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Psychiatry Res 315 (-) 114702 [2022-09-00; online 2022-07-01]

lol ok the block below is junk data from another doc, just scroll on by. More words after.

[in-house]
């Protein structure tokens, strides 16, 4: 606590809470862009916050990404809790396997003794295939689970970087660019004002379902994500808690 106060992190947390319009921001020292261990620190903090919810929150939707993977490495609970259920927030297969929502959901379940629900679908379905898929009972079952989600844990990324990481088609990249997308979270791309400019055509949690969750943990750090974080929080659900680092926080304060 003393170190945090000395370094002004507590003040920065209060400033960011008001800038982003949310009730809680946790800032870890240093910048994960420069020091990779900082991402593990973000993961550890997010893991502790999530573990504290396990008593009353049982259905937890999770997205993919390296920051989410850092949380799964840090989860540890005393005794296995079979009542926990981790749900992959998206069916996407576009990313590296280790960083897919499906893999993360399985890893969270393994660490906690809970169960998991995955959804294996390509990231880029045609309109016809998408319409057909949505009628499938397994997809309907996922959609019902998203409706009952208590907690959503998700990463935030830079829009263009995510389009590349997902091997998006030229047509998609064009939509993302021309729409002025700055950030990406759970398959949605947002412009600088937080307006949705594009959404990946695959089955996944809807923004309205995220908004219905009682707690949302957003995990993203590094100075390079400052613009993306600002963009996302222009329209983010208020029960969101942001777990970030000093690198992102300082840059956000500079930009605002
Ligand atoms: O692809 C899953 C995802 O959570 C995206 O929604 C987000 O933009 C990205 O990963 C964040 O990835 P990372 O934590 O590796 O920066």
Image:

During the COVID-19 pandemic various degrees of lockdown were applied by countries around the world. It is considered that such measures have an adverse effect on mental health but the relationship of measure intensity with the mental health effect has not been thoroughly studied. Here we report data from the larger COMET-G study pertaining to this question. During the COVID-19 pandemic, data were gathered with an online questionnaire from 55,589 participants from 40 countries (64.85% females aged 35.80 ± 13.61; 34.05% males aged 34.90±13.29 and 1.10% other aged 31.64±13.15). Anxiety was measured with the STAI, depression with the CES-D and suicidality with the RASS. Distress and probable depression were identified with the use of a previously developed cut-off and algorithm respectively. It included the calculation of Relative Risk (RR), Factorial ANOVA and Multiple backwards stepwise linear regression analysis RESULTS: Approximately two-thirds were currently living under significant restrictions due to lockdown. For both males and females the risk to develop clinical depression correlated significantly with each and every level of increasing lockdown degree (RR 1.72 and 1.90 respectively). The combined lockdown and psychiatric history increased RR to 6.88 The overall relationship of lockdown with severity of depression, though significant was small. The current study is the first which reports an almost linear relationship between lockdown degree and effect in mental health. Our findings, support previous suggestions concerning the need for a proactive targeted intervention to protect mental health more specifically in vulnerable groups.